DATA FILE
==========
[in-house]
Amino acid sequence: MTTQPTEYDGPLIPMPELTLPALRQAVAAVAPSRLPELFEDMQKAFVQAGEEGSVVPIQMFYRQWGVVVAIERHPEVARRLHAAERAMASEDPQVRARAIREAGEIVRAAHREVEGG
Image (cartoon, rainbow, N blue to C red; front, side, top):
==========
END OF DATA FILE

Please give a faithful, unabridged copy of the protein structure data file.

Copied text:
[in-house]
Amino acid sequence: MTTQPTEYDGPLIPMPELTLPALRQAVAAVAPSRLPELFEDMQKAFVQAGEEGSVVPIQMFYRQWGVVVAIERHPEVARRLHAAERAMASEDPQVRARAIREAGEIVRAAHREVEGG
Image (cartoon, rainbow, N blue to C red; front, side, top):